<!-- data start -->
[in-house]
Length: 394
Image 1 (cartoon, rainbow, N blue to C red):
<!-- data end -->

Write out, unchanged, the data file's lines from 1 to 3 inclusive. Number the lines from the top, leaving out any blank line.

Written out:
[in-house]
Length: 394
Image 1 (cartoon, rainbow, N blue to C red):